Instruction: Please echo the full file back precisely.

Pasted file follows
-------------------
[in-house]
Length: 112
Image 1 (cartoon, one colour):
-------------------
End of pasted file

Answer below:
[in-house]
Length: 112
Image 1 (cartoon, one colour):